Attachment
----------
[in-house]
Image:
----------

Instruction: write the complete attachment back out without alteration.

[in-house]
Image: